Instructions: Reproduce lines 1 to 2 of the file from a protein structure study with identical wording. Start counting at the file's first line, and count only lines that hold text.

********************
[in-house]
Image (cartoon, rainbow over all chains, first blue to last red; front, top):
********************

[in-house]
Image (cartoon, rainbow over all chains, first blue to last red; front, top):